White House Reportedly Seeking $30 Billion More In Funding For COVID-19

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Mary Rooke Commentary and Analysis Writer
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As the March 11 deadline for government funding packages looms, reports confirmed Wednesday the Biden administration has asked Congress for another $30 billion in taxpayer funding to help fight against COVID-19.

The Biden administration’s plan includes asking Congress $17.9 billion for vaccines and treatments; $4.9 billion for testing; $3 billion to cover COVID-19 care for the uninsured, and $3.7 billion to plan for new variants, two sources familiar with Biden’s plan told The Associated Press Tuesday.

Republican Missouri Sen. Roy Blunt separately confirmed the $30 billion figure when speaking to reporters about his meeting with Health and Human Services Secretary Xavier Becerra, reported The Hill. “I talked to Secretary Becerra today, and I think they’re going to be proposing a $30 billion supplemental,” said Blunt.

An HHS spokesperson later confirmed Blunt’s story to the outlet, adding they “discussed the status of Covid response funds as well as the need for additional resources to support securing more life-saving treatments and vaccines, sustaining testing capacity, and investing in research and development of next-generation vaccines.”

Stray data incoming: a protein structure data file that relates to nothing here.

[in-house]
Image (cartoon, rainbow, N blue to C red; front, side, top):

White House press secretary Jen Psaki indicated at a press conference Wednesday that the $30 billion in funding is on top of the funds already available to help fight future variants, according to the AP. 

“While we continue to have sufficient funds to respond to the current omicron surge in the coming weeks, our goal has always been to ensure that we are well prepared to stay ahead of the virus,” the AP reported Psaki said.

The non-partisan, non-profit organization, Committee for a Responsible Federal Budget, set up an online “Covid Money Tracker.” The website says its purpose is to “explore the data and track the trillions of dollars of federal spending, tax cuts, loans, grants, and subsidies authorized and disbursed in the wake of the coronavirus pandemic and economic crisis.”

The committee’s latest projections indicate that the federal deficits will total $15.1 trillion between 2021 and 2031, .6 trillion more than projected.

“With debt already approaching record levels, it is important that policymakers resist calls to increase it further,” the committee said on its website.